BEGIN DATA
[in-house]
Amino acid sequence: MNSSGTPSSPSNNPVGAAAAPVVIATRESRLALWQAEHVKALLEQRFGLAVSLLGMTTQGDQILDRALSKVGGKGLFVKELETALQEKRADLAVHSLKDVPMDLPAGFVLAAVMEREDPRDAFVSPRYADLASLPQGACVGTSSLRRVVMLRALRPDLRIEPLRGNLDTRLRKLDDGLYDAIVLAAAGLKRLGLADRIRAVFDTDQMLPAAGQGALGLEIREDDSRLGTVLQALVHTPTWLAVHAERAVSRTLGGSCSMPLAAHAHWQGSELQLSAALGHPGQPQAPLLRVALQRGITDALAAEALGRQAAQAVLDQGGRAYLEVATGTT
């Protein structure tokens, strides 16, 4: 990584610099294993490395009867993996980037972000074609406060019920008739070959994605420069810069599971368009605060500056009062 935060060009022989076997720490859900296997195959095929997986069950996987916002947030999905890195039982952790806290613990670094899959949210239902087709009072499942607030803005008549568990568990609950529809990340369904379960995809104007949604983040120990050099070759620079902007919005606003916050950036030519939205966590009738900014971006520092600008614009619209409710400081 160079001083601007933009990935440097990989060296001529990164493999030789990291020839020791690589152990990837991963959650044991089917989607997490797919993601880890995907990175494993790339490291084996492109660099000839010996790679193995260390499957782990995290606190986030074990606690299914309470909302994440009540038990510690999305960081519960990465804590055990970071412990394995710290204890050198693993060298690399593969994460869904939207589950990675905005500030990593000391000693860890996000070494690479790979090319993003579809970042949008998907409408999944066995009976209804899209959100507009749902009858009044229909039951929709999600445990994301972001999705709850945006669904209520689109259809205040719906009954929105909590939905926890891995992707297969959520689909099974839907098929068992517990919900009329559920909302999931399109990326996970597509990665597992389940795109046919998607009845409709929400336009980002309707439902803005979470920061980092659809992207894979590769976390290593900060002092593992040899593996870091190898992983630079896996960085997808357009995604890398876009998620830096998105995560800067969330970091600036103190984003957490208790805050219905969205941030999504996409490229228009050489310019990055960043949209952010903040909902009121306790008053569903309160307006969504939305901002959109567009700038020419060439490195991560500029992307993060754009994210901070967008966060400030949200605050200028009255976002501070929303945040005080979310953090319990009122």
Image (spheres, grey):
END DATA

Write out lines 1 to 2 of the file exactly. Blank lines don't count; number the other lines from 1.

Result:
[in-house]
Amino acid sequence: MNSSGTPSSPSNNPVGAAAAPVVIATRESRLALWQAEHVKALLEQRFGLAVSLLGMTTQGDQILDRALSKVGGKGLFVKELETALQEKRADLAVHSLKDVPMDLPAGFVLAAVMEREDPRDAFVSPRYADLASLPQGACVGTSSLRRVVMLRALRPDLRIEPLRGNLDTRLRKLDDGLYDAIVLAAAGLKRLGLADRIRAVFDTDQMLPAAGQGALGLEIREDDSRLGTVLQALVHTPTWLAVHAERAVSRTLGGSCSMPLAAHAHWQGSELQLSAALGHPGQPQAPLLRVALQRGITDALAAEALGRQAAQAVLDQGGRAYLEVATGTT